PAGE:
Talk:Elena Filatova/Archive 1

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This page was listed on Wikipedia:Votes for deletion in May, 2004. The result of that discussion was to keep the article. For an archive of the discussion, see /Delete.

Criticism, POV, fake[edit]

I'm removing the recently added paragraph about her story being (sic)"questioned in many of the motorcycle forums mentioned".

In the only one 'motorcycle forum' mentioned (in 'external links') there is really a small flame war being carried on by an lone gunwoman. This woman (as herself confirmed in a post) is in an web-wide crusade to undermine Lena's story credibillity.

Well... as the woman doesn't indentify hersef and as she acts extremally monomaniacly, I would classify that as an moderately crafted troll.

Elena's page has a link to the thread in the forum with the discussion. That's one more reason to make that paragraph irrelavant.

--Abu Badali 04:52, May 18, 2004 (UTC)

Slashdot has now also become involved. Mentioning that her story is being questioned is in itself perfectly objective and neutral. -- Dissident (Talk) 00:57, 21 May 2004 (UTC)
I think this page should probably be deleted. She has basically now said on the website that it was faked. I don't see any reason for Wikipedia to have an article on her. We don't know for sure she even exists. ᚣᚷᚷᛞᚱᚫᛋᛁᛚ
Allegations are back in. This isn't the place to decide about the credibility of the participants. Let's stick to the facts. Also, this article should stay, whether the original story is true or not. A lot of people read the original thing, and it's bound to become urban folklore (or legend). Averell 16:15, 23 May 2004 (UTC)
Elena being a hoax is mentioned in New York Times June 15, 2005 in the article about Chernobyl tourism. The link is already in there. I was visiting the place myself with the reporters. The guide told us that Elena visited the site on a standard tour carrying motorcycling helmet and wearing a jacket and her husband took pics of her. Remain of her pics of the site is taken by other people and nobody seem to know if she has permission to use them. Also the officials and guides say that nobody has been given access to the site riding open transportation vehicles. It is also known where Elena lives but no reporters have ever caught her. I don't know if you see this information non-trusted but placed it here to discuss after all. -- Lauri Mäki - Feb 19, 2006


While there are numerous accounts of the consequences of the catastrophe, Elena presented it to the world in a way never done before.

  • I am perfectly aware that I am a bit overboard here. Please feel free to replace this phrase by references to earlier similar web accounts. Mikkalai 15:51, 6 Jun 2004 (UTC)
    • And by the way, I believe the efforts to put smear on her story are fueled exactly by this: no one from the mentioned "organized tour"s had got the idea to do something similar before, and now they are biting their own asses. Mikkalai 15:53, 6 Jun 2004 (UTC)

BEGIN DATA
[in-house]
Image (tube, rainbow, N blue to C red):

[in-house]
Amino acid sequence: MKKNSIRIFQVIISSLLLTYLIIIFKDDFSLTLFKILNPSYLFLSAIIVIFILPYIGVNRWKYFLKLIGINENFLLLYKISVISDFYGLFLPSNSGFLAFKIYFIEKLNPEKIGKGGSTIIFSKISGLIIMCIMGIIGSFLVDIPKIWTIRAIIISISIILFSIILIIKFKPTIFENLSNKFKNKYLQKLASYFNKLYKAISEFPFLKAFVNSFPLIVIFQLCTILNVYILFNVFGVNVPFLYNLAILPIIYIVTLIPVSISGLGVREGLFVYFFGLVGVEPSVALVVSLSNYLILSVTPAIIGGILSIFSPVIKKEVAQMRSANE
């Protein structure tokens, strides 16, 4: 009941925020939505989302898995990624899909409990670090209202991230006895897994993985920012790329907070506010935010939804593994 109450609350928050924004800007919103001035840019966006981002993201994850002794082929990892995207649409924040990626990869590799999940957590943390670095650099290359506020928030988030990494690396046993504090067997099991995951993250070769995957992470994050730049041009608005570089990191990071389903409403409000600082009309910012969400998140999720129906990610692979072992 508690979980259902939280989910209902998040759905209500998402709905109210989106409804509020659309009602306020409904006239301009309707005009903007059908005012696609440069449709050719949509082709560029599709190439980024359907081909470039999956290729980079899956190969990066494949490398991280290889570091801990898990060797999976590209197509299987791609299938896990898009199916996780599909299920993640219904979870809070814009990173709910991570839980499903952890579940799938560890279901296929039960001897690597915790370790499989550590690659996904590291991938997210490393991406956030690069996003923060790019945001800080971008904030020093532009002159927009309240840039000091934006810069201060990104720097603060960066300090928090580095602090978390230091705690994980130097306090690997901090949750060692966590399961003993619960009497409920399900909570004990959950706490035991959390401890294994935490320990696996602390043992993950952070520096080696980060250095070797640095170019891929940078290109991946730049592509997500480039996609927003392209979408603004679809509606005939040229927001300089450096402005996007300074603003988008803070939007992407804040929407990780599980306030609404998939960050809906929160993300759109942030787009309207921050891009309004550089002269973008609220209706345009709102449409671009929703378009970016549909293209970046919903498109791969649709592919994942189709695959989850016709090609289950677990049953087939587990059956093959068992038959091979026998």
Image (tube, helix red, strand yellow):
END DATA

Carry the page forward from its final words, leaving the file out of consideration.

The story itself shows discrepancies, such as some pictures show herself, while she claims she has been travelling alone.

  • I don't really understand this example of discrepancy. Isn't it possible to take a picture of yourself with a timer in the camera? Such a feature is quite common.
Did you have a look at what was spoken about before hitting this delete key? The weblink it here, quite handy. Do you really want to set a timer only to show your backside? Mikkalai 22:04, 29 Jan 2005 (UTC)
  • I say it isn't a discrepancy. She writes: "I always go for rides alone, sometimes with pillion passenger, but never in company with any other vehicle, because I do not want anyone to raise dust in front of me." Pillion = The backseat on a motorcycle for its passenger.
Early versions said simpy "alone". Even the recent, corrected version that says "we" in many places, rather than "I" doesn't give a name of the fellow traveller. Me being spoiled and lacking some moral principles, I understand this as unwilling to share glory. But still, this is a petty criticism, irrelevant to the story itself. It was me who added the paragraph "Nevertheless the actual value...".
And now I have rewriten the "criticism" part into a meore correct way, since the mentioned criticism no longer applies to the current version ofm the narrative. Thank you for pointing at the discrepancy arisen in the article. Mikkalai 22:47, 30 Jan 2005 (UTC)
  • "discrepancies?" her story has more holes than a truck of swiss cheese at a drive-by shooting. motorcycles are expressly forbidden in the zone of exclusion, the path she took is the exact path that a tour guide takes people through (less than that, even, because the tour guide was really pissed by their trying to build a story out of it.), her dad is not a nuclear engineer, and even if he was, it wouldn't give her carte blanche to roam a radioactive danger zone. i think it's fair to at least list the allegations against her, as well as some of the holes in her story.

Published in Sweden[edit]

Here's a link I just put in, it's her book of Chernobyl photographs published in Sweden The publisher is reputable and the production is quite lovely.

Rimma Kiselitsa[edit]

Go to the post by Pulse. Apparently, if he is correct, it was staged and all taken from a tour.--2ltben 06:13, 10 August 2006 (UTC)

Libel allegation[edit]